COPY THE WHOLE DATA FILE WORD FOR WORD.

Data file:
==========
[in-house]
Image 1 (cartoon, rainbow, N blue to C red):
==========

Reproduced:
[in-house]
Image 1 (cartoon, rainbow, N blue to C red):